St. Valentine's Day Massacre

The Gangland Hit

St. Valentine’s Day Massacre

"I won't talk"

St. Valentine’s Day Massacre

The Coldblooded Execution of the North Side Gang

The St. Valentine’s Day Massacre stands as one of the most notorious events in the annals of American organized crime.

This brutal incident, which unfolded on February 14, 1929, in Chicago, marked a turning point in the violent struggle for control of the city’s criminal underworld during the Prohibition era.

At the heart of the massacre were two powerful criminal gangs: the South Side Italian gang led by Al Capone and the North Side Irish gang headed by George “Bugs” Moran.

The bitter rivalry between these factions was fueled by competition over lucrative bootlegging and other criminal enterprises.

The fateful day began with a meticulously planned operation by Capone’s gang to eliminate Moran, their primary rival. Capone, not wanting to get his hands directly dirty, tasked his top enforcer, Jack McGurn, to orchestrate the attack.

McGurn devised a plan to disguise his gunmen as uniformed police officers, creating an element of surprise that would catch Moran and his associates off guard.

On the morning of February 14, 1929, seven members of Moran’s gang gathered at the SMC Cartage Company garage on North Clark Street.

Believing that a shipment of stolen whiskey was arriving, Moran himself was late to the meeting, narrowly escaping the bloodshed that unfolded minutes later.

As the Moran gang members waited in the garage, four men dressed as police officers, armed with Tommy guns, stormed in and unleashed a hail of bullets.

The victims, lined up against a wall, were executed in cold blood. The assailants, having efficiently carried out the massacre, made a quick getaway, leaving behind a scene of gruesome carnage.

The St. Valentine’s Day Massacre claimed the lives of six men associated with Moran’s gang: Frank Gusenberg, Pete Gusenberg, Albert Kachellek, Adam Heyer, James Clark, and John May.

While Moran himself narrowly escaped the bloodshed, the brutal event shook the criminal underworld and the public, highlighting the audacity and ruthlessness of organized crime in Chicago.

In the aftermath of the massacre, law enforcement faced the daunting task of unravelling the complex web of criminal intrigue surrounding the event.

Despite numerous witnesses and potential leads, the perpetrators managed to elude justice. The lack of concrete evidence and witness cooperation, often influenced by fear of retaliation, hindered the police investigation.

The St. Valentine’s Day Massacre marked a turning point in public opinion regarding organized crime.

While the violence between criminal factions had been an ongoing concern, the audacity of the massacre, carried out in broad daylight, horrified the public and galvanized law enforcement efforts to combat the rampant criminal activity.

Al Capone, widely believed to have orchestrated the massacre, remained untouchable in the eyes of the law.

Although he was eventually convicted of tax evasion in 1931 and sentenced to prison, the St. Valentine’s Day Massacre was not directly tied to him during the legal proceedings.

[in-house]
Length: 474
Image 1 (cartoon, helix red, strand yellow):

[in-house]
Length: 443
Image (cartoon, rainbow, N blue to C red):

The event’s impact extended beyond its immediate aftermath, contributing to increased federal efforts to combat organized crime.

The Federal Bureau of Investigation (FBI), under the leadership of J. Edgar Hoover, intensified its focus on dismantling criminal syndicates, ultimately leading to the conviction of several high-profile mob figures.

The St. Valentine’s Day Massacre remains an enduring symbol of the violence and lawlessness that characterized the Prohibition era in the United States.

The brutal event, etched into the nation’s history, serves as a stark reminder of the challenges faced by law enforcement in the pursuit of justice during a time when criminal enterprises flourished amid the shadows of illicit activities.

Written by Nucleus

Share with your friends :

Search for Ted Bundy Los Zetas Nazi Doctors

Related Case files

Katyn Massacre

The murder of Polish servicemen during the Katyn Massacre was blamed on the Nazis, but was carried by Stalin’s NKVD.

Read More »

Monster of Florence: FBI Profile

In 1989, the Monster of Florence: FBI Profile was prepared by a team from the famed FBI Behavioural Science Unit in an effort to catch the elusive serial killer.

This content is for Gold, Gold Annual (Discounted), Life Time Membership, and Gold Annual (Free Trial) members only.

Get Free Access to the biggest Criminal Database on the web.
Login Free Trial

Read More »

Melanie Cooley

The unsolved murder of Melanie Cooley, a young woman found bludgeoned to death has long been suspected the work of serial killer Ted Bundy.

Read More »

Featured Case files

Griselda Blanco

Known as the Black Widow, Colombian drug lord Griselda Blanco controlled a lucrative cocaine empire on behalf of the Medellin Cartel during the 1970’s, that saw a Miami drug war claim the lives of hundreds.

Read More »
Tony Tucker walking around looking happy. Full colour photo

Tony Tucker

A hardened criminal and drug dealer, Tony Tucker was one of the infamous Essex Boys, who met his demise in the Range Rover Rettendon Murders.

Read More »
Pat Tate close up - The Essex Boys

Pat Tate

One of the drug dealing Essex Boys gang, Pat Tate lived a dangerous life, and met his end in what became known as the Rettendon Murders.

Read More »

Search for Ted Bundy Los Zetas Nazi Doctors

Search True Crime

True Crime Categories